Quantatative and Qualitative Research
Philosophy and Psychology
Submitted By tracymahar
The Qualitative study of mental health practices with Culturally and Linguistically Diverse (CALD) clients was considered first of its kind to explore this issue in Australia (Khawaja & Lathopoulous, 2014, p.11). The key focus was on the approaches used by professionals to determine and develop models for best practice, in an effort to increase the use of available services and improve outcomes for CALD clients.
Professionals from various disciplines were chosen by the authors to participate in the study. The research was conducted as a semi structured interview with open one open ended questions, and several prompting questions if required, for further analysis. Further participants were involved until no new topics were offered.
The findings of this research both supported and disproved previous work discussed throughout the article, concluding that the view of Dyche & Zayas; Tsang, Bogo, & George (2003) of the importance of and reliance of cultural knowledge was unrealistic, and may lead to cultural stereotype (Thomas & Weinrich, 2004), and that respect and mutual trust (Colins & Arthur, 2010), and flexibility (Cadwell et. al 2008) were more effective. The study concluded that it was much more important to approach CALD clients as individuals. The authors highlighted Stuart’s (2005) views that self-awareness and skills, and building a rapport with the client compensated for any lack of cultural competence. The only difference concluded in the study would be the need to slow the process and assessment to allow time to gain relevant cultural knowledge and needs from the client, as well as individual beliefs, needs and expected outcomes, as with all mainstream clients.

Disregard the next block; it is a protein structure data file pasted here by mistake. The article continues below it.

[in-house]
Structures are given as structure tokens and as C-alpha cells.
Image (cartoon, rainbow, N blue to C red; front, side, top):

Cadwell, L. D., Traver, D.D., Iwamoto, D. K., Herzberg, S. E., Cerda-Lizarraga,P., & Mack, T. (2008). Definitions of multicultural competence: Frontline human service...